Gabon’s president under house arrest

Lazy eyes listen


Gabonese President Ali Bongo has been placed under house arrest and is surrounded by his family and doctors, according to military officers involved in the Central African country’s coup on Wednesday.

Noureddin Bongo Valentin, one of the president’s sons, and other high-profile government officials, as well as certain members of the ruling Gabonese Democratic Party, have also been arrested, according to the coup leaders, according to an AFP report.

According to the statement, the president’s associates have been charged with “high treason against the institutions of the state, massive misappropriation of public funds, organized international financial embezzlement, forgery, falsification of the President of the Republic’s signature, active corruption, and drug trafficking.”

Officers of the Gabonese Armed Forces declared their takeover of power on Wednesday, annulling election results just minutes after Bongo, 64, was declared the winner of the disputed presidential election with 64.27% of the vote.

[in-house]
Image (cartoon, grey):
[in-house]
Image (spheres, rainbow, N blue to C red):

Bongo has been in power since 2009 and was previously threatened with a military coup in 2019.

The new seizure was characterized by the troops as an effort to “defend peace by putting an end” to Bongo’s “irresponsible, unpredictable governance.”

Meanwhile, the Gabonese leader has made his first public appearance in a video circulating on social media, urging “friends around the world to make some noise” in the aftermath of his incarceration.

He verified that he was at home, but stated that “nothing is happening.” “I’m not sure what’s going on.”

The head of Libreville’s presidential guard, Brice Oligui Nguema, who organized the coup, told the French newspaper Le Monde that the president will “enjoy all his rights” while incarcerated.

“He is the Gabonese president.” He is no longer employed. He has full legal rights. “He is just like the rest of us Gabonese,” Nguema was quoted as adding.

AFP had previously reported that Nguema had been appointed to head the former French colony’s “Committee for the Transition and Restoration of Institutions.”

Nguema, though, declared in an interview with Le Monde: “I am not declaring myself yet.” I’m not thinking about anything right now. We will discuss it with all of the generals.”